King, Brian; Richards, Greg; Yeung, Emmy; Texas A&M University; Breda University of Applied Sciences; University of Chester (Taylor & Francis, 2023-05-24)
    City authorities worldwide have sought to rejuvenate and diversify their tourism product offerings by dispersing visitors into less familiar and frequented locales. Despite calls to understand such ‘new tourism areas’ (NTAs) in urban areas, few researchers have examined visitor responses to the implementation of NTA strategies, particularly outside Europe. This quantitative approach considers the profiles, attitudes and behaviours of NTA visitors in an Asian city that was undertaking dispersal efforts pre-pandemic in the context of mass inbound Chinese visitation. Distinct profiles are found for NTA visitors relative to other city arrivals in response to Hong Kong’s branding propositions. It is found that NTAs appeal to repeat visitors seeking cosmopolitan experiences and may help tourist dispersal and product differentiation, though the proposition that NTA visitors are more highly educated was not supported.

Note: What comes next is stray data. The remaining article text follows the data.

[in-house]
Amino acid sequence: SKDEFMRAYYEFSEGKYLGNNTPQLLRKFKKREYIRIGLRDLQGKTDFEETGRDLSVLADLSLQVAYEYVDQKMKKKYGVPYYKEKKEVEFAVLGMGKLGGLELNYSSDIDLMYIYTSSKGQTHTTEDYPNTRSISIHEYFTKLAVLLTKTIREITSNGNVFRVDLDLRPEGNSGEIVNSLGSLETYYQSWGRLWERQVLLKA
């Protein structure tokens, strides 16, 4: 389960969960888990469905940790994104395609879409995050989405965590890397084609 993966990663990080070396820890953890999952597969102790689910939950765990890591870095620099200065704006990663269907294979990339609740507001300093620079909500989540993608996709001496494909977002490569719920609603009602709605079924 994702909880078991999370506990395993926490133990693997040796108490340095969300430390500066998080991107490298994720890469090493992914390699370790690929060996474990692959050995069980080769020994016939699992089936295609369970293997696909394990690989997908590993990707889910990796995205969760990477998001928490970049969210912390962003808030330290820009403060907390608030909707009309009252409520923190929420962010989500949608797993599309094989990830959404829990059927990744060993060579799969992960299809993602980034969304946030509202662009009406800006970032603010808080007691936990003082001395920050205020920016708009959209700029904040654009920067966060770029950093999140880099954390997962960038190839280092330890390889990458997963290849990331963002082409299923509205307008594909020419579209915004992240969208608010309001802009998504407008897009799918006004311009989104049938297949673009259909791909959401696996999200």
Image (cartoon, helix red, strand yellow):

• The influential role of austerity in normalising sustainable consumption

    O’Loughlin, Deirdre; McEachern, Morven; Szmigin, Isabelle; Karantinou, Kalipso; Barbosa, Belem; Lamprinakos, Grigorios; Fernández-Moya, María E.; University of Limerick; University of Chester; University of Birmingham; Athens University of Economics and Business; University of Porto; Universidad de Oviedo (Edward Elgar Publishing, 2023-05-11)